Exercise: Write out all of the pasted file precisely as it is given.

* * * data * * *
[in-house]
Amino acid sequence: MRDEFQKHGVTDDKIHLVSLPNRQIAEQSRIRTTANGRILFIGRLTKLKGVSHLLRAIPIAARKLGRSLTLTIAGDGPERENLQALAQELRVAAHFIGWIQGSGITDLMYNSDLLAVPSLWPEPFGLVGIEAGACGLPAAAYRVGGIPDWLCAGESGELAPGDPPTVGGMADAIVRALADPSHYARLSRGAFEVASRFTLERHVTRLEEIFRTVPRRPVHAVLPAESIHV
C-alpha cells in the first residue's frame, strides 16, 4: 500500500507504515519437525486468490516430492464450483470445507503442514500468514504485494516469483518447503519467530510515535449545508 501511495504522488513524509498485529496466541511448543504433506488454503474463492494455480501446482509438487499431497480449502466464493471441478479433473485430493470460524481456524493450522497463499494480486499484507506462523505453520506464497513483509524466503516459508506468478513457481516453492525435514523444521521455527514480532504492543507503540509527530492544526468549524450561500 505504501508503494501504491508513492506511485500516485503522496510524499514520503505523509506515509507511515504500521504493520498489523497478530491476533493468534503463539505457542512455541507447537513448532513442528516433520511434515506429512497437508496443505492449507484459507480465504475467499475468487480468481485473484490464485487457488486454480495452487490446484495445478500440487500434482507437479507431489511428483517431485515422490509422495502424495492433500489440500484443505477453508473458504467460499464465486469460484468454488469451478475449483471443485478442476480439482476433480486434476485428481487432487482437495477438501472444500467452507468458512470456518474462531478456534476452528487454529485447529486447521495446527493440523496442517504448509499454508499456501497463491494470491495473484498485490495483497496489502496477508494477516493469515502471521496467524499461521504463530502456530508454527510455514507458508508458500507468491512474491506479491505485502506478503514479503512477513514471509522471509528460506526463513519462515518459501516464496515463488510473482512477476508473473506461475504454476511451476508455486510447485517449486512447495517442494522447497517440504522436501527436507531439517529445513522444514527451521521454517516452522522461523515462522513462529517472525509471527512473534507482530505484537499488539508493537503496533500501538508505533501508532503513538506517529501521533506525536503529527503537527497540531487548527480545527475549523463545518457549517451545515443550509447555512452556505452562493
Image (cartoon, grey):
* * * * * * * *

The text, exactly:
[in-house]
Amino acid sequence: MRDEFQKHGVTDDKIHLVSLPNRQIAEQSRIRTTANGRILFIGRLTKLKGVSHLLRAIPIAARKLGRSLTLTIAGDGPERENLQALAQELRVAAHFIGWIQGSGITDLMYNSDLLAVPSLWPEPFGLVGIEAGACGLPAAAYRVGGIPDWLCAGESGELAPGDPPTVGGMADAIVRALADPSHYARLSRGAFEVASRFTLERHVTRLEEIFRTVPRRPVHAVLPAESIHV
C-alpha cells in the first residue's frame, strides 16, 4: 500500500507504515519437525486468490516430492464450483470445507503442514500468514504485494516469483518447503519467530510515535449545508 501511495504522488513524509498485529496466541511448543504433506488454503474463492494455480501446482509438487499431497480449502466464493471441478479433473485430493470460524481456524493450522497463499494480486499484507506462523505453520506464497513483509524466503516459508506468478513457481516453492525435514523444521521455527514480532504492543507503540509527530492544526468549524450561500 505504501508503494501504491508513492506511485500516485503522496510524499514520503505523509506515509507511515504500521504493520498489523497478530491476533493468534503463539505457542512455541507447537513448532513442528516433520511434515506429512497437508496443505492449507484459507480465504475467499475468487480468481485473484490464485487457488486454480495452487490446484495445478500440487500434482507437479507431489511428483517431485515422490509422495502424495492433500489440500484443505477453508473458504467460499464465486469460484468454488469451478475449483471443485478442476480439482476433480486434476485428481487432487482437495477438501472444500467452507468458512470456518474462531478456534476452528487454529485447529486447521495446527493440523496442517504448509499454508499456501497463491494470491495473484498485490495483497496489502496477508494477516493469515502471521496467524499461521504463530502456530508454527510455514507458508508458500507468491512474491506479491505485502506478503514479503512477513514471509522471509528460506526463513519462515518459501516464496515463488510473482512477476508473473506461475504454476511451476508455486510447485517449486512447495517442494522447497517440504522436501527436507531439517529445513522444514527451521521454517516452522522461523515462522513462529517472525509471527512473534507482530505484537499488539508493537503496533500501538508505533501508532503513538506517529501521533506525536503529527503537527497540531487548527480545527475549523463545518457549517451545515443550509447555512452556505452562493
Image (cartoon, grey):